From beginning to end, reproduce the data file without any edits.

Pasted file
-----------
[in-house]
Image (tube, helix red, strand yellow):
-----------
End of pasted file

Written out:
[in-house]
Image (tube, helix red, strand yellow):